Sunday, September 26, 2010


For some reason, I have a subscription to Wine Spectator magazine. I have tried to get rid of it, but it keeps arriving.

It stems from when I found an offer for a free issue, or something. I think the deal was that I’d have a free issue sent to me, then I’d get a postcard asking if I wanted to continue. If I sent it back checked “CANCEL,” they’d stop sending me issues. If I didn’t, they’d keep sending issues and eventually bill me.

Either they never sent the postcard, or they sent it and it never got to me, or I received it and just didn’t notice, because the next thing I knew, I had a bill. It’s an expensive magazine, and it’s mainly aimed at people who can afford expensive magazines. There are a lot of tips on building the perfect wine cellar and where to stay in the Alps.

In an ad they run to attract advertisers, they even refer to their readers as “affluent.”

Anyway, I canceled that subscription, and they were very understanding about it. They said I could keep any additional issues I’d received already free of charge, and they’d waive the price.

But I kept getting the magazine. Every month I get another one, and every month I make a mental note to investigate and make sure they’re not going to send me another bill. And every month I forget to investigate, until the following month’s issue arrives.

Anyway, flipping through the most recent one to arrive, I found some recipes. A Napa Valley chef shared some dishes that would pair well with wines. One of them involves boiling spaghetti in wine.

I made it last night. I didn’t want to waste any good stuff to boil pasta in, so I wandered over to Andy’s Fruit Ranch and picked up the cheapest bottle I could find. I wound up with this:2007 Fiorano Montepulciano d'Abruzzo. $5.99.

They say you shouldn’t cook with any wine you wouldn’t drink, but this recipe involves boiling an entire bottle of red wine. That's just too much going into the food instead of into a glass.
As I chopped up the turnip greens and set about the other prep work, I popped open the bottle, and Jen and I took a little swig. It was awful.

Kind of a weak handshake of a wine, with a bit of a septic tank bouquet. I worried a bit; I was going to heat this stuff to boiling and soak food in it. But maybe it would be okay. Maybe it would amount to a tinge of wine flavoring instead of a full infusion.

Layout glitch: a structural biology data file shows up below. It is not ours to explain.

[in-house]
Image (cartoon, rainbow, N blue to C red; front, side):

I pressed forward. Purple pasta, dark green leaves, pale slices of garlic. The Joker’s color palette.It wasn’t bad. A little soft (the pasta should not have cooked as long as it did), and the noodles did contain a trace of what I disliked so much about the wine. But I’m willing to give it another go. Jen and I have discovered a couple of $10 bottles that we like quite a bit. I’m willing to sacrifice a bottle for another try.

Sunday, September 5, 2010

The Wine Goddess

The Chopping Block had a tent sale a couple Sundays ago. I got wind of it through Facebook, and it sounded fun. There would be a bunch of items on sale, some samples from their Big Green Egg grill, and a bunch of wines at 30% off. Jen and I made plans to stop by.

They were receiving their new season’s worth of wines, picked out by the Wine Goddess, Diana Hamann. To clear room, they were marking down last season’s and pouring samples.

It would be our fourth wine tasting of the weekend. Friday night, we went to the South Loop Wine Cellar; Saturday, we spent early afternoon at the Binny’s in Lincoln Park and late afternoon at Fine Wine Brokers. But we didn’t buy anything at those three, partly because nothing really blew us away, and partly because we really didn’t need any wine. There was plenty at home to crack open.

We made our way to the back patio at the Chopping Block, and something like twenty different wines were spread out on the bar. Hamann chatted wildly with everyone who stopped by. She handpicks each wine they sell, so she had a story and an opinion about every bottle.

She caught site of us and asked what we’d like to sample. We asked if it was okay if we ran the gamut.

“Bless you,” she said.

She told us that she’d go easy on the pours, so we could pace ourselves. And she did, for the first two bottles. Then she splashed away, giving us the same amount she was pouring for everyone else.